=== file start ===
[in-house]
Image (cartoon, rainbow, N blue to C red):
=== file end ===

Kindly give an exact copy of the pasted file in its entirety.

[in-house]
Image (cartoon, rainbow, N blue to C red):